Tuesday, September 14, 2004

25% of cigarettes in Britain 'toxic'

BEIJING - One in four cigarettes smoked in Britain is thought to be acounterfeit produced in illegal factories in China using the sweepings ofdirty workshop floors. The cheap but toxic cigarettes pack a lethal carcinogenic cocktail of highlevels of tar, nicotine and banned chemicals, The Sunday Telegraph reported. Wrapped in cellophane, the cheap packets of Regal and Silk Cut cigaretteslook like the real thing and even carry the British government's officialhealth warning. They should, however, carry a second warning: Counterfeited in China. Each year, British smokers buy billions of these counterfeit cigarettes fromshady middlemen, not knowing that they were produced in scruffy littleworkshops in China. Very often, what they are smoking is the sweepings of a dirty floor, saidthe report. It estimates that more than 100 billion counterfeit cigarettes are producedannually in the villages of a remote area on the border between Fujian andGuangdong provinces. The British Treasury estimates that Chinese counterfeits accounted for atleast a quarter of all the cigarettes sold in Britain last year, costing thetaxpayer £2.5 billion (S$6.6 billion) in lost revenue. 'The quality of fake packaging is improving all the time,' Mr Tim Lord,chief executive of the Tobacco Manufacturers' Association in Britain, told "The Sunday Telegraph".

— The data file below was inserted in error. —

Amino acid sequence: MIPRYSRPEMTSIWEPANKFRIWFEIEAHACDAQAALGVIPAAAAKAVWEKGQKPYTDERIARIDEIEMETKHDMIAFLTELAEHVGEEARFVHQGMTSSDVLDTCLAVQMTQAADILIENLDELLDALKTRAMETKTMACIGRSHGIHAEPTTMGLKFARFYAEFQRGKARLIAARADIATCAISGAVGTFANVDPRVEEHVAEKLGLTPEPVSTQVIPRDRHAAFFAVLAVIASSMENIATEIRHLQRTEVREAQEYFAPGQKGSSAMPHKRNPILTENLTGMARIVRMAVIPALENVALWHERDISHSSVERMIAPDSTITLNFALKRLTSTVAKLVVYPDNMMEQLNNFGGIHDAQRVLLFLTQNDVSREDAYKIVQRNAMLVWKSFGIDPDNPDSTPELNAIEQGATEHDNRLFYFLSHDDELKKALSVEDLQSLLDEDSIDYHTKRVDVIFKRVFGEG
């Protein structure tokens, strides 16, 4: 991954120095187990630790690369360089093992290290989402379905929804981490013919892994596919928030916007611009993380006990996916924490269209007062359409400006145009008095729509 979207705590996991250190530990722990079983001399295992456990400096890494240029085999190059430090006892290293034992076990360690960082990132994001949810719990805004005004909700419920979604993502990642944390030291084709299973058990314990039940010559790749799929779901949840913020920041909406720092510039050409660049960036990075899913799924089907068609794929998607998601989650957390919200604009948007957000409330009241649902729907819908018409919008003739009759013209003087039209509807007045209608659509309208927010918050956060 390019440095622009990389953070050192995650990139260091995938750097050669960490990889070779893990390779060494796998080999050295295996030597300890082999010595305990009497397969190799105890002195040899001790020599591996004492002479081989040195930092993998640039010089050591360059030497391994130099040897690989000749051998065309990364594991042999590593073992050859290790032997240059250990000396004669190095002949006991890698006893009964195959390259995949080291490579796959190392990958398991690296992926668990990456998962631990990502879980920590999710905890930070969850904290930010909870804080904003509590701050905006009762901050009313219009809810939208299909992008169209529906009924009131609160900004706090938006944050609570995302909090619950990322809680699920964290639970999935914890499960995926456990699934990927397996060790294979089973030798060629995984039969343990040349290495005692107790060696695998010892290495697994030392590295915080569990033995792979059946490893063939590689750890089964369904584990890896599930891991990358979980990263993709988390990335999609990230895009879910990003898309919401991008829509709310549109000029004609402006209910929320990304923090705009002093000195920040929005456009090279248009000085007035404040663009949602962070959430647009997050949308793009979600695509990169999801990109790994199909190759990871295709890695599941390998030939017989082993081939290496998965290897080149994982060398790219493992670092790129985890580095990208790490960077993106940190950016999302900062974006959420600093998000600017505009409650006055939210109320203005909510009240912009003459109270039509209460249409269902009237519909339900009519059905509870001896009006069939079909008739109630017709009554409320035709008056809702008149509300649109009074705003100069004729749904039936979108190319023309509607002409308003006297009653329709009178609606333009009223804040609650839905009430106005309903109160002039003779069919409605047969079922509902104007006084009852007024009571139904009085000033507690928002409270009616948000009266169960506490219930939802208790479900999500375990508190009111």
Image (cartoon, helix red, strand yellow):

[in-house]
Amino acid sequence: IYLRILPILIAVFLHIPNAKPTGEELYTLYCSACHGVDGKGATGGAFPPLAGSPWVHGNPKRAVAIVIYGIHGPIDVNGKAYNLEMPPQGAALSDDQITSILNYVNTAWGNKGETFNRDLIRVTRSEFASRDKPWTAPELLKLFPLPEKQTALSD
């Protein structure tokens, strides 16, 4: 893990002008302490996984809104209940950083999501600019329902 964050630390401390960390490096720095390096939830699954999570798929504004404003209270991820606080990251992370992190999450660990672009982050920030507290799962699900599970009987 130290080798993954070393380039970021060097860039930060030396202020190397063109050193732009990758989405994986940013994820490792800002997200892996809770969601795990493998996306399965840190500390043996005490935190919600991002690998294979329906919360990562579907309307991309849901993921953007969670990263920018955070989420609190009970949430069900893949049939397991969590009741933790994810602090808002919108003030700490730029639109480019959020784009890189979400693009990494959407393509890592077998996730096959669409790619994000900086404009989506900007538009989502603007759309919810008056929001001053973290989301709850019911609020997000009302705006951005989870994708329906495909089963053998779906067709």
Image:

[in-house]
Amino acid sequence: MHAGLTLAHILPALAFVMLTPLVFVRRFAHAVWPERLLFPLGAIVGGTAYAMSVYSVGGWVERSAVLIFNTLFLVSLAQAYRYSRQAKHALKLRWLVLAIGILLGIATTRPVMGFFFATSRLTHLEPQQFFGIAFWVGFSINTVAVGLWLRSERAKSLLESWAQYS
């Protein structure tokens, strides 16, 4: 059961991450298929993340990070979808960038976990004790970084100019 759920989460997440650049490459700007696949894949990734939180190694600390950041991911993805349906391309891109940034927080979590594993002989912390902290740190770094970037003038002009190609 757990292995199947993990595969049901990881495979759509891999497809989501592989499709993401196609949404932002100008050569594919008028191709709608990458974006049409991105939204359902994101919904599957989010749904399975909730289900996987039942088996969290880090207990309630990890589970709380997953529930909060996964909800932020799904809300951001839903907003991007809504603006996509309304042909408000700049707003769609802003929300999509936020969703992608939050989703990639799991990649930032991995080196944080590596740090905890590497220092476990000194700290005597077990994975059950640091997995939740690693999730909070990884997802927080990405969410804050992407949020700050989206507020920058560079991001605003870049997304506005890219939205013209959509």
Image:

'Customers only realise their cigarettes aren't genuine because they tastebad or different, and that affects our reputation.' His association wants the government to cut the tax on cigarettes - 80 percent of the packet cost - to deter smokers from buying cheap alternatives. With Western governments worried about the damage caused both to smokers'health and to tax revenues, China is coming under growing internationalpressure to staunch the supply. The Chinese counterfeits contain high levels of tar, nicotine and bannedchemicals: a powerful, carcinogenic cocktail. During a trip to Beijing to tackle the problem last week, a senior Westernpolice officer managed to win a promise of cooperation from China's Ministryof Public Security. China is affected as well. The counterfeits are also sold into its vastdomestic market, costing the country considerable amounts in lost taxes -more than £1 billion last year. Beijing has introduced tough penalties for bootleggers, including amandatory sentence of three years' re- education at a labour camp for anyonefound in an illegal factory. So far, the authorities in Fujian have jailed more than 90 counterfeitersand sent 70 others to labour camps, said The Telegraph. Even so, the majority of counterfeit operations have carried on unaffected. You have been selected to receive the following wholesale information: